Professor Brian Darlow
Professor Brian Darlow

19 November 2013

People born weighing less than 1500gm (very low birth weight or VLBW) tend to be shorter, have fewer friends and achieve fewer educational qualifications than their peers by the time they reach their 20s, a new Christchurch study shows.

However, VLBW babies score similarly at age 20 to their peers on a range of other measures of health and social functioning – despite previous research indicating they could be impaired by their small start in life.

The research was led by Professor Brian Darlow, of the University of Otago, Christchurch. He has studied all New Zealand very low birth weight infants born in 1986 since their birth. This study involved more than 200 VLBW people now aged 22 and 23.

The results are published in the latest edition of the prestigious Pediatrics journal.

Professor Darlow says while VLBW participants do tend to be more socially isolated and achieve less academically, they were as happy with their quality of life as peers.

“This study is good news because it shows that, with some exceptions, these young people are doing pretty well despite serious hurdles early in life.”

Professor Darlow says there is clear evidence in their early years VLBW infants have increased rates of problems such as cognitive delay and emotional and behavioural issues. Data had emerged to show these problems may persist into adulthood. However, until this study there were limited population-based or longitudinal studies to prove whether this was the case.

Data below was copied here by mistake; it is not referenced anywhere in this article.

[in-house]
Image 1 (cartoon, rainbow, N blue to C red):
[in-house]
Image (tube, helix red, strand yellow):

Professor Darlow’s study showed VLBW babies were, as young adults:

  • On average 5.6kg lighter and 4.2cm shorter than their peers
  • Half as likely to have a tertiary qualification.
  • Less likely to engage in romantic partner relationships (In the past year 59 per cent VLBW people versus 75 per cent other had a romantic partner)
  • Almost a third more likely to have been welfare dependent.

The study found no significant differences between:

  • High school completion
  • Involvement in paid employment and after tax income
  • Close family relationships
  • Quality of life and overall functioning

Professor Darlow says the next step for researchers is understanding if there are health discrepancies, such as in premature ageing, between VLBW people and their peers. His group is still looking for control volunteers, those born in New Zealand in 1986 after a full-term pregnancy. He is doing this work with the support of the Health Research Council of New Zealand and Cure Kids.

News article courtesy of the University of Otago, Christchurch